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Re: Re: Re: Re: Ways of commenting subroutines

by demerphq (Chancellor)
on Oct 23, 2001 at 17:47 UTC ( #120784=note: print w/ replies, xml ) Need Help??


in reply to Re: Re: Re: Ways of commenting subroutines
in thread Ways of commenting subroutines

I suppose considering your later posts that this a waste of time, but i felt the urge to make the following comment about something you said:

"hackers - heroes of the computer revolution" in that any code you can write, i will write in less lines. (not a challenge, just philosophy) "bumming" out instructions is the foundation of computer programming and continues to drive me as a programmer.

I have read Steven Levys book too, several times actually, it was inspiration for me in my younger years and I gave it to all of my colleagues as a Christmas present last year. From reading it I know that bumming instructions was a pastime performed by programmers using unbelievably small memory spaces (probably less ram than is in a digital wrist watch these days) on CPU's with minimal instruction sets at the very dawn of the computer era. (Consider that Knuths MIX is supposed to be representative of computer from two or three generations after the TX0 and code bumming, and it _only_ has 4000 words of ram.)

but i ask you to not insinuate my "more functionality with less keystrokes" method is wrong.

Yes thats _exactly_ what im saying. Bumming ops has nothing to do with the modern era where we have virtually unlimited ram (in comparison anyway) and rarely (if ever) write in assembly. (Embedded systems may be the exception, but my guess is that you arent doing that)It has even less to do with the use of languages like perl. In perl there are many many things that can be reduced into a minimal form, great for the programmer, horrible for efficiency. A simple example is the following:

my ($x,$y)=(1,2); #one line, SLOW ($x,$y)=($y,$x); #three lines. fast. my $tmp=$x; $x=$y; $y=$tmp;
On this level I recall Knuths explaination for why all of his code is presented in MIX, not some high level language (I paraphrase, when I get home ill get the proper quote and add it to the bottom of this post)

Programmers are inclined by lazyness to write code as efficiently as possible, for them. This means that in a high level language they tend to use the constructs and mechanisms of the language in a way that reduces the required keystrokes. Unfortunately these construct rarely produce optimal code.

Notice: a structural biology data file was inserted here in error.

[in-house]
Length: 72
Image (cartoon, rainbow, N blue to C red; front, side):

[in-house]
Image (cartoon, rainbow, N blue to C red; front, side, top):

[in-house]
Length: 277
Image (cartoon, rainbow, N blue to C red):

There are lots of posts about optimisation, I've even been burned by the subject a couple of times (an example is here and Tilly provided me with an excellent link on the subject: Code Tuning you will note that I was set straight in a variety of ways) but I assure you that in most languages, and especially perl the smallest program is almost definately _not_ the most efficient. Which means that your 'bumming' game is a plain and simple waste of time, and not only that it'll probably produce sub optimal results. Note that the computer pioneers (Greenblat and co) probably didnt care about this as their primary aim was to get the maximum amount of functionality out of the smallest memory space.

Oh, regarding your pecular formatting, I read one of your other posts where you say you defy convention as a matter of course. Thats cool. Lots of people do it. In fact odds are many of the people here by virtue of being hackers do as well. But they also understand that there are times, such as communicating with each other, when conventions are not foolish social constructions but rather the result of years and years of figuring out how to do something as efficiently and as error free as possible. Your habit of all lower case with no paragraph structure is difficult to read and therefore unlikely to be taken seriously. Assuming you are from an english speaking nation, I wonder if in your urge to defy convention you communicate only in pig latin? Or perhaps in Navaho?

Yves
--
You are not ready to use symrefs unless you already know why they are bad. -- tadmc (CLPM)


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